John N. King

John N. King

John N. King

Distinguished University Professor Emeritus, Humanities Distinguished Professor Emeritus of English and Religious Studies



  • Ph.D. University of Chicago

Distinguished University Professor Emeritus; Humanities Distinguished Professor Emeritus of English & of Religious Studies; Senior Research Fellow, Rare Book School: the English Renaissance, with emphasis on sixteenth-century literature, Spenser, Shakespeare, and Milton; Reformation literature, history, and art; the history of the book; printing history; and manuscript studies.Author of English Reformation Literature: The Tudor Origins of the Protestant Tradition; Tudor Royal Iconography: Literature and Art in an Age of Religious Crisis; Spenser's Poetry and the Reformation Tradition; Milton and Religious Controversy: Satire and Polemic in Paradise Lost; Foxe's Book of Martyr's and Early Modern Print Culture ; and many essays and reviews. Former editor of Reformation and former co-editor of Literature and History . Editor of The Vocation of John Bale; Anne Askew's Examinations; Foxe’s Book of Martyrs: Select Narratives; Voices of the English Reformation: A Source Book; and Tudor Books and Readers: Materiality and the Construction of Meaning. Co-editor of Henry VIII and His Afterlives: Literature, Politics, and Art; John Foxe and His World; and Foxe's Book of Martyrs. Recipient of fellowships from the American Council of Learned Societies, American Philosophical Society, Bibliographical Society of America, Folger Shakespeare Library, John Simon Guggenheim Memorial Foundation, Henry E. Huntington Library, Lilly Endowment in conjunction with the National Humanities Center, National Endowment for the Humanities, Renaissance Society of America, and Rockefeller Foundation. Faculty affiliate of OSU's Department of Comparative Studies, Center for Medieval and Renaissance Studies, and Center for the Study of Religion.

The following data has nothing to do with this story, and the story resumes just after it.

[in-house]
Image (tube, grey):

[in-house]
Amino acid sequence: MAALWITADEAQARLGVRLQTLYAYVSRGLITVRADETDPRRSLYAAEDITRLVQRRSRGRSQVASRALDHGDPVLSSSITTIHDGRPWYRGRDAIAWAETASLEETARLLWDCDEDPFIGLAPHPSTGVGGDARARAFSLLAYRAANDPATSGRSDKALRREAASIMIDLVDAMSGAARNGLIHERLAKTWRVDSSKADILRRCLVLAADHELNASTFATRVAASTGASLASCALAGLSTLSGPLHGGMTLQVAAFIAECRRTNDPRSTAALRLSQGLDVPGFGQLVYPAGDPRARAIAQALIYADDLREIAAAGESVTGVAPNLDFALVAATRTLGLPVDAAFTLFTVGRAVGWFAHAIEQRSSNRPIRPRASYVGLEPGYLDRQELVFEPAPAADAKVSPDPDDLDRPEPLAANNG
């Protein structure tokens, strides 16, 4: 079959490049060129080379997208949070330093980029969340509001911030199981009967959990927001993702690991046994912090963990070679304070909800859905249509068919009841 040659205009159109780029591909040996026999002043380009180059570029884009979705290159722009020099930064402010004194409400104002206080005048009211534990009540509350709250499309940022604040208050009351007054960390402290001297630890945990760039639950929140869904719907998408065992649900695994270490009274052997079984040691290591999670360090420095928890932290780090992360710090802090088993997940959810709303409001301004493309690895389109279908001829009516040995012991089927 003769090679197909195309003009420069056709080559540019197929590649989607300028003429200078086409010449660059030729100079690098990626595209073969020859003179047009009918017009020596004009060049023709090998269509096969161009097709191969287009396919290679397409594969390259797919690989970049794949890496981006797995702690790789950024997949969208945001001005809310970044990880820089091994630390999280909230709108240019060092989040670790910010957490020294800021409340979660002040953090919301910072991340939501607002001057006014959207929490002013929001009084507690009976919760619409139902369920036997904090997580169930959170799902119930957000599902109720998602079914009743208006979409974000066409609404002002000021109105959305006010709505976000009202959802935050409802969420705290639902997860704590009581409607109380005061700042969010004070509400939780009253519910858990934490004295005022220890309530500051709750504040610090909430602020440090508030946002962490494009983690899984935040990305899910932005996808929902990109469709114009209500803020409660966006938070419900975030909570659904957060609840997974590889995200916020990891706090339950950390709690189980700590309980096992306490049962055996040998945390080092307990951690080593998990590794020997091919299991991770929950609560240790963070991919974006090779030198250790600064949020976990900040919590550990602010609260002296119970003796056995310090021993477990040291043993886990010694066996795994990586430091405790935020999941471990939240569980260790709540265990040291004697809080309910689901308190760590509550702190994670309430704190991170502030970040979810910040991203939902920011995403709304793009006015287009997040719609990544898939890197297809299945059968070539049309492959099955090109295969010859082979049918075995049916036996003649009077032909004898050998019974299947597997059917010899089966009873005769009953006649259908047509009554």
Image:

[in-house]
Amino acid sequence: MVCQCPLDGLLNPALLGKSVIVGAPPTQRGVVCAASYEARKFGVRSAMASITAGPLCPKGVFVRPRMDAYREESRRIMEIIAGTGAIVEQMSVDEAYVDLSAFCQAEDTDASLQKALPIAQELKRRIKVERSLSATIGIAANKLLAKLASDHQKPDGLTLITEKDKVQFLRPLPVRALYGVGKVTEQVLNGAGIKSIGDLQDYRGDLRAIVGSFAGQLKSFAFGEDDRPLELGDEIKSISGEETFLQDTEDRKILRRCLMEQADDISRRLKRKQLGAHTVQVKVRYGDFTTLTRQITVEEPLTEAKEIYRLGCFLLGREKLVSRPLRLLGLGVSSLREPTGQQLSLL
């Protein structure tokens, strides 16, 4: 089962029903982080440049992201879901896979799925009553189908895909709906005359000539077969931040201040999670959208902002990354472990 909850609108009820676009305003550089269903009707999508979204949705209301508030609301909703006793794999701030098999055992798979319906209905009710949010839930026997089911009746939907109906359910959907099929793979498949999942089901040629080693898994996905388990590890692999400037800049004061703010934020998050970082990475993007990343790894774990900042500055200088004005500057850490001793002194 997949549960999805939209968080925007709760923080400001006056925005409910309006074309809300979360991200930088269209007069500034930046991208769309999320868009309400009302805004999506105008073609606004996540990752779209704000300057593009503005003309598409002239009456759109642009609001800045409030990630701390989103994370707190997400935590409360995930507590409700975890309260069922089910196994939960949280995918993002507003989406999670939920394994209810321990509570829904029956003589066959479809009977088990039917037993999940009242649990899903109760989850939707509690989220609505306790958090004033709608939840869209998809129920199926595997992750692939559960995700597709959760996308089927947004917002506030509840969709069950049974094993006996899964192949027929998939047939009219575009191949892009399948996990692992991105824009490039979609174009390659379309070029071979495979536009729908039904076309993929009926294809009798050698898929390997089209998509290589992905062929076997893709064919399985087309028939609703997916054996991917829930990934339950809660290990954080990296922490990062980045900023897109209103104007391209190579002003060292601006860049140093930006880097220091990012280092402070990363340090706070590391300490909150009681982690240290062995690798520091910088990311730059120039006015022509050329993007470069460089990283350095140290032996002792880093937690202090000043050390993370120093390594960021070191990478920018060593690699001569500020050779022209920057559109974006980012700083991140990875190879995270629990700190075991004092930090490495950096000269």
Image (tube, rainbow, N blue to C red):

• Reformation literature and culture
  • History of the Book during the late Middle Ages, Reformation, and Counter Reformation
  • The Renaissance Bible
  • Christian visual art, iconography and iconoclasm